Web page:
For individuals aged 70.5 and above with a traditional IRA subject to required minimum distributions (RMDs), considering a qualified charitable distribution (QCD) can be advantageous. A QCD allows you to donate directly to charities while satisfying your RMD requirements and simultaneously reducing your taxable income. The difference for these individuals is that they can sell the appreciated securities in their IRA without incurring tax and they can simply donate the cash proceeds directly to the charity of their choice.

Conclusion

We don’t know what the second half of the year is going to bring, but taking proactive steps to optimize your wealth is crucial in today’s ever-changing financial landscape. The team at Strategic Wealth Partners is here to support you in navigating these complexities.

We encourage you to reach out for personalized guidance, whether you have questions or want to discuss your specific financial goals. Together we can adjust your plan to help maximize your wealth and assist in securing your financial future. Remember, smart decisions today can lead to long-term financial success tomorrow.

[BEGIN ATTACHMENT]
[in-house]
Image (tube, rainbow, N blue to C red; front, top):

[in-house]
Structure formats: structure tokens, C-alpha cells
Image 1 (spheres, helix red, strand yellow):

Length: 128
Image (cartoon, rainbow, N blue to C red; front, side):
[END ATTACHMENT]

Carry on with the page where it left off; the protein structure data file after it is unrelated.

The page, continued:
[1]Active Fixed Income perspectives Q2 2023: Everything everywhere (Link)

[2]6 Month Treasury Rate (Link)

[3] Prepare for future estate tax law changes (Link)


Disclosure:

This article contains general information that is not suitable for everyone. The information contained herein should not be constructed as personalized investment advice. Reading or utilizing this information does not create an advisory relationship. An advisory relationship can be established only after the following two events have been completed (1) our thorough review with you of all the relevant facts pertaining to a potential engagement; and (2) the execution of a Client Advisory Agreement. There is no guarantee that the views and opinions expressed in this article will come to pass. Investing in the stock market involves gains and losses and may not be suitable for all investors. Information presented herein is subject to change without notice and should not be considered as a solicitation to buy or sell any security.

Strategic Wealth Partners (‘SWP’) is an SEC registered investment advisor with its principal place of business in the State of Illinois. The brochure is limited to the dissemination of general information pertaining to its investment advisory services, views on the market, and investment philosophy. Any subsequent, direct communication by SWP with a prospective client shall be conducted by a representative that is either registered or qualifies for an exemption or exclusion from registration in the state where the prospective client resides. For information pertaining to the registration status of SWP, please contact SWP or refer to the Investment Advisor Public Disclosure website (http://www.adviserinfo.sec.gov).

For additional information about SWP, including fees and services, send for our disclosure brochure as set forth on Form ADV from SWP using the contact information herein. Please read the disclosure brochure carefully before you invest or send money (http://www.stratwealth.com/legal).